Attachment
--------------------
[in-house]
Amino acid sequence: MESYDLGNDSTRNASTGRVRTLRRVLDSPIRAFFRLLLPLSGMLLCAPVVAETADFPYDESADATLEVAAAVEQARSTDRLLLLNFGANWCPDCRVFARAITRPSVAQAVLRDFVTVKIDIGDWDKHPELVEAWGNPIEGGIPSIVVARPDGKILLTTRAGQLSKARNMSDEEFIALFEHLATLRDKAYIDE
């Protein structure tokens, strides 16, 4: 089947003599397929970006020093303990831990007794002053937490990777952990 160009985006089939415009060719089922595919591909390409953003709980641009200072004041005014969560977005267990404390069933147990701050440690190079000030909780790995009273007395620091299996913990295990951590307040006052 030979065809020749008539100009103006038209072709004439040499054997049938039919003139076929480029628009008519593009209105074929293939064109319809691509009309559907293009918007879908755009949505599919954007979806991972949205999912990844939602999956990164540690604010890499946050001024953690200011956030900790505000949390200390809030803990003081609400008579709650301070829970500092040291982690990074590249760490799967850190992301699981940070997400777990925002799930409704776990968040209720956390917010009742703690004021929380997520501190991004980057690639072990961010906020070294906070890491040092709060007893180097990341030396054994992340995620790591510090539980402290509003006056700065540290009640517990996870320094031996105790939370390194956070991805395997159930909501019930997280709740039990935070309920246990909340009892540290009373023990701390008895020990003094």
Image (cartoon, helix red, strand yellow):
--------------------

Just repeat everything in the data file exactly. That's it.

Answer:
[in-house]
Amino acid sequence: MESYDLGNDSTRNASTGRVRTLRRVLDSPIRAFFRLLLPLSGMLLCAPVVAETADFPYDESADATLEVAAAVEQARSTDRLLLLNFGANWCPDCRVFARAITRPSVAQAVLRDFVTVKIDIGDWDKHPELVEAWGNPIEGGIPSIVVARPDGKILLTTRAGQLSKARNMSDEEFIALFEHLATLRDKAYIDE
């Protein structure tokens, strides 16, 4: 089947003599397929970006020093303990831990007794002053937490990777952990 160009985006089939415009060719089922595919591909390409953003709980641009200072004041005014969560977005267990404390069933147990701050440690190079000030909780790995009273007395620091299996913990295990951590307040006052 030979065809020749008539100009103006038209072709004439040499054997049938039919003139076929480029628009008519593009209105074929293939064109319809691509009309559907293009918007879908755009949505599919954007979806991972949205999912990844939602999956990164540690604010890499946050001024953690200011956030900790505000949390200390809030803990003081609400008579709650301070829970500092040291982690990074590249760490799967850190992301699981940070997400777990925002799930409704776990968040209720956390917010009742703690004021929380997520501190991004980057690639072990961010906020070294906070890491040092709060007893180097990341030396054994992340995620790591510090539980402290509003006056700065540290009640517990996870320094031996105790939370390194956070991805395997159930909501019930997280709740039990935070309920246990909340009892540290009373023990701390008895020990003094």
Image (cartoon, helix red, strand yellow):